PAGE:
I just returned from a U.S. Lavender Growers conference. My head is still spinning from all I learned about lavender and the many friendly people I met. In our kick-off event, we sampled lavender champagne punch and other assorted lavender goodies, including spiced pecans and cheese straws, herbes de Provence-seasoned goat cheese spread, and several of my lavender cookies. (They disappeared quickly and several people asked for my recipes, so I’ve shared one below.)
The conference spotlighted many aspects of this enchanting herb: We watched an inspiring video featuring lavender plants, gardens, and picturesque farms of some of the organization’s members. We compared the distinct aromas of different types of lavenders and talked about which ones are better for crafting, turning into lavender oil, and using fresh and dried for culinary purposes. (Several attendees particularly recommended Buena Vista, Royal Velvet, and three pink lavenders, Melissa, Hidcote Pink, and Little Lottie for cooking and baking. I’ve personally cooked and baked with the well-known Hidcote and Provence and suggest them as well.)
One very informative workshop covered how to identify the various kinds. Fifty different lavender varieties were laid out on long tables, literally filling the room with their haunting fragrance. As you can see the photo at left, lavender comes in a whole beautiful array of subtly different colors, sizes and shapes. Though I loved the look of the deep purple and blue types, after smelling several pink ones and noticing their citrusy sweet scents, I’m definitely going to grow some to cook with this coming summer. I won’t give up the deep purple kinds though, because in some recipes, like jellies, sorbets, and syrups, they impart an appealing soft pinkish-purple or amber color.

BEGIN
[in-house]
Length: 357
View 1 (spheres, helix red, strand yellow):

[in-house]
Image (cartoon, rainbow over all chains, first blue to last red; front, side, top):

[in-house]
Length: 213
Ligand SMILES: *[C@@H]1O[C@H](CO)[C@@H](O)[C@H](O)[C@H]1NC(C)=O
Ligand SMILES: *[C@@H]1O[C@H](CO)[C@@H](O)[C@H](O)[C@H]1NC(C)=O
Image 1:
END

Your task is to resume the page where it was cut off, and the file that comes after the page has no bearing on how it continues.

If you love lavender desserts and sweet treats, but haven’t been sure how to make them, this post will help you get started using dried lavender buds. Begin by being sure the buds (the tiny flower parts shown in the bowls at right), are culinary lavender buds. Buds are often harvested and sold for craft purposes only; these shouldn’t be eaten.
If you don’t have time to purchase the very fresh, high quality dried culinary buds directly from a local lavender farm, some of them do sell on-line from their own websites. Another option is to purchase through venues like Amazon, Etsy, and e-Bay; several American grown lavender options I like are here and here. Like most herbs lavender loses its flavor and fragrance over time, so plan to replenish your supply after at most a year.
Preparing the icing recipe involves making a lavender infusion like the one shown at right above. In this basic step the dried buds simply steep in a little hot water and gradually infuse it with their flavor. The longer they stand, the more flavorful the infusion will be.
- 2 tablespoon dried culinary lavender buds
- 1 teaspoon grated fresh lemon zest (yellow part of the skin)
- 2 cups powdered sugar, plus more if needed
- 2 teaspoons egg white powder, optional
- 1 teaspoon corn syrup
- 3 to 4 drops lavender extract or ⅛ teaspoon vanilla extract, optional
- Purple crystal decorating sugar, preferably tinted with botanical dye
- Stir the lavender and lemon zest into 2½ tablespoons boiling water. Set aside, covered, for at least 1 hour and up to 8 hours (refrigerate after 1 hour).
- Strain the infused liquid into a deep, medium bowl; press down hard on the lavender with a spoon to force through as much liquid as possible. Add the sugar, egg white powder (if using), corn syrup, and extract (if using) to the bowl.
- Stir until well combined and smooth. As necessary, a bit at a time, stir in more water or more powdered sugar to obtain desired piping or spreading consistency.
- The icing may be used as is, or tinted by stirring in a drop or two of whatever color dye (preferably botanically based) is desired. Spread the icing onto the cookies using a table knife. If decorating with sprinkles, add them right away before the icing sets. Let dry at least 30 minutes and preferably longer before packing airtight.
For another lavender recipe you may like, check out my fresh lavender-lemon buttercream here: